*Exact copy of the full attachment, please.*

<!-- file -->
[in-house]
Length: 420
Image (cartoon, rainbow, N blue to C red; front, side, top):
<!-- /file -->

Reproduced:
[in-house]
Length: 420
Image (cartoon, rainbow, N blue to C red; front, side, top):